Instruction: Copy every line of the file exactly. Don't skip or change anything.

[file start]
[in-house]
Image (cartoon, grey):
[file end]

[in-house]
Image (cartoon, grey):